As a child, my dad often drilled the notion that “artists starve” and lectured me about pursuing a high-paying or high-demand job instead, which inevitably affected the way I envisioned a successful, fulfilling life. As such, even though I continued my passion in the arts, I was forced to take classes that I had little to no interest in, such as computer science.
While I do agree that mastery of those subjects is very important to the majority of today’s high-paying jobs, they just weren’t to me. I couldn’t see myself as a doctor or a software programmer in the future because I lack the passion for those jobs and the school subjects required to be successful in them.
I didn’t want to veer off from the career path I initially wanted, but the fear of disappointing my family and the fear of financial failure overshadowed my regard for what I wanted to do with my life.
Because of this, I found myself torn between seeking a job that would make me financially well-off at the cost of my happiness or finding a job that would guarantee happiness at the cost of my family’s criticism and disapproval.
It was during my sophomore year when my parents began to embrace the idea of art as a career. Ultimately--and I think this goes for most parents as well--what my parents really wanted was for me to do what made me happy and to enjoy living life.
I then realized that, even if I do “starve,” I’d still be doing something that makes me happy. Of course, it’s better to avoid that situation in the first place, but because I now personally view a successful life as one filled with happiness and the passion for the things you love, I’m willing to take that risk.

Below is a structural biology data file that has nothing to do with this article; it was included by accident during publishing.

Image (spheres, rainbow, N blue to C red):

Just know that those around you might try to deter you from the path you want, but that’s only because they’re concerned about your future. What matters the most is that if you are really passionate about a certain subject or hobby, then you shouldn’t be afraid to embrace it.
By Daniel Oh
Senioritis is a hit-or-miss. Either wave of laziness hits you like a freight train or you stay unaffected and study away your last semester like any other. I’m pretty sure I fall into the latter category. I’m still pretty good about turning in my homework and not slacking. However, many seniors would argue that the second you submit your college apps, it’s like you’re a different person: a version of you that just wants to sleep through the rest of the school year.
Many seniors would say that there was a fundamental change right after pressing “submit” on their college applications. Their brains are rewired, their blood flows in the opposite direction, and something about them just changes drastically. The important part is that now everything is different: you don’t have to care about homework or grades as much anymore. You’re done, and that’s it.